Visiting historic Doylestown, Pa., with my sister and brother-in-law, my mind happened to alight on a Bible verse, but I was struggling with one of the words. Here is what I could remember:
“The reason the Son of God appeared was to destroy the … of the devil.”
It was important to me to summon the correct missing word, so as to know God’s mind exactly and not to put words in His mouth. (There is altogether too much willy-nilly substituting of our vague impressions for the precise teachings of the Bible, and I had no wish to be guilty of misrepresenting God, as the apostle Paul noted in 1 Corinthians.)
I tried a few plausible possibilities:
“The reason the Son of God appeared was to destroy the power of the devil.”
“The reason the Son of God appeared was to destroy the evil of the devil.”
“The reason the Son of God appeared was to destroy the damage of the devil.”
One reason we drove 15 miles north to Doylestown was to browse through the used bookstores, so I could have walked back to the last shop, where we had just rummaged through novels and cookbooks, for a Bible someone had discarded. But just then I remembered the missing note:
“The reason the Son of God appeared was to destroy the works of the devil.”
And because the correct semantic item had been withheld from me for a few frustrating moments, and because I am convinced the Spirit was meticulous in selecting exactly what He wanted to say at all times and did not allow the second-best word choice, I was suddenly much taken with the Bible’s careful hand-picking of the word “works” with reference to the activity of the devil. So then, I thought, the devil’s machinations toward us are a type of “works.”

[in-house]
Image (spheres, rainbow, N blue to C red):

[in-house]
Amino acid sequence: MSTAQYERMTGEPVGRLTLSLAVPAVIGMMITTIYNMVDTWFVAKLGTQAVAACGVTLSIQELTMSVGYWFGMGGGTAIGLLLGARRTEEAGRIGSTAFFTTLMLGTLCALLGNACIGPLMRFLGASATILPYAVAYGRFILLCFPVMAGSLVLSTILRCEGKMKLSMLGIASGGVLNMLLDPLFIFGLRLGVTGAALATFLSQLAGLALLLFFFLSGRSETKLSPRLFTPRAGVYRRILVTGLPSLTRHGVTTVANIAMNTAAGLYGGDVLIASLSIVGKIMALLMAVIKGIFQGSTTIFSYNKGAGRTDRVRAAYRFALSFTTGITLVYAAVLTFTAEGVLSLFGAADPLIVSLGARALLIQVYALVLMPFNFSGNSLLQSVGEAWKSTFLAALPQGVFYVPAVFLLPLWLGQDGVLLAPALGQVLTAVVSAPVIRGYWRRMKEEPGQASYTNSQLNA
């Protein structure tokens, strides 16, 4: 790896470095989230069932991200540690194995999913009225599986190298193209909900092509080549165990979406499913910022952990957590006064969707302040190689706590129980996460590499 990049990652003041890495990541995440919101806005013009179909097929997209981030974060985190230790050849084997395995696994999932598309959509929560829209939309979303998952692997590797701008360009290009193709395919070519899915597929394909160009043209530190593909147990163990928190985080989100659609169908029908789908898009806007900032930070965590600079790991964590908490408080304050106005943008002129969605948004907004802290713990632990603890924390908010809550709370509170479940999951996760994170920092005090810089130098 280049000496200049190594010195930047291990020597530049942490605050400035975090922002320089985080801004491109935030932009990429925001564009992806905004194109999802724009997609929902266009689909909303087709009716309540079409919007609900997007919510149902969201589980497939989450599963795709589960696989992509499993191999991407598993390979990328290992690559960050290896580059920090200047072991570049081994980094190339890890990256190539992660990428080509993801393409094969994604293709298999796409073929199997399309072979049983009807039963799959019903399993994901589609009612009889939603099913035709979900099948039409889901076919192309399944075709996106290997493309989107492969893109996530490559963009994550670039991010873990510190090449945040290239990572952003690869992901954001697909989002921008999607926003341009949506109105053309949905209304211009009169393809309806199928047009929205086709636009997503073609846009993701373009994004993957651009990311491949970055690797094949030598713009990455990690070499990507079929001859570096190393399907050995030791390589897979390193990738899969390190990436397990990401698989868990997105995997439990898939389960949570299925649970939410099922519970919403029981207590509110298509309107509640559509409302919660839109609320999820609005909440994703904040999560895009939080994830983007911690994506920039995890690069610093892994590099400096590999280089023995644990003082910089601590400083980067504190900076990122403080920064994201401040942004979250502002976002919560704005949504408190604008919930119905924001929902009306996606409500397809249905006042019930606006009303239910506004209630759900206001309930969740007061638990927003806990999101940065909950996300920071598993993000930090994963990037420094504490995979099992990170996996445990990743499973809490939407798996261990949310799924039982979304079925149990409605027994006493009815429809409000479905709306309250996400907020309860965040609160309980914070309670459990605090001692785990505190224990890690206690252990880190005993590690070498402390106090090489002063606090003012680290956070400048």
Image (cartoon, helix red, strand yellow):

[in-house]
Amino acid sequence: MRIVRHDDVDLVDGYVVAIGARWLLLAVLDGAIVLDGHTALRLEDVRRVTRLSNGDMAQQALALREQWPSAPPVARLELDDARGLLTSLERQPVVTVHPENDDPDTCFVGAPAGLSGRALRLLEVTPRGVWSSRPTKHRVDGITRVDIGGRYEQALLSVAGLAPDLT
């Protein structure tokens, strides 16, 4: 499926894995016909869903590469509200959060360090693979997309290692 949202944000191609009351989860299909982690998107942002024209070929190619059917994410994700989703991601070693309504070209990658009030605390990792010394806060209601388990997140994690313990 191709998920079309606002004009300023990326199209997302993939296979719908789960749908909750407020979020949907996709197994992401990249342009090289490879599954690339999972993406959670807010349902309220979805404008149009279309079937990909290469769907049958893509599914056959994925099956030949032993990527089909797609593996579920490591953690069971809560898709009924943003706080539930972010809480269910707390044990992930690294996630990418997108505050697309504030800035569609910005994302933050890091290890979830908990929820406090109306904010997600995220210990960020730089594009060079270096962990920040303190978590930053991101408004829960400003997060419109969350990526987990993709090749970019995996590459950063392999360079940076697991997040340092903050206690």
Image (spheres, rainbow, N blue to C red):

The word “works” here—as in the case of its usage to describe the “works” of an artist or a plumber—suggests a nearly human process of careful observation, assessment, study, purpose, design, crafting, execution, and sustained effort on the part of the one who “works.” It is time to eliminate from our thinking all inchoate notions of the devil as a vague chemical ether or influence. No, his offensives against us (what Scripture calls “temptations” and “schemes”) are well-thought-out snares and sand traps. I do not suppose that Satan reads our minds, but rather that he gleans information enough from our habits, past pitfalls, and observable character issues.
The edification value in realizing that the devil has done a fair amount of intelligence “work” in trying to bring me down is the understanding that in order to be a match for him I must shake off complacency and “gird up the loins of my mind” to outsmart him. One outsmarts the devil by believing, and by obeying with alacrity, every word that proceeds from the mouth of God.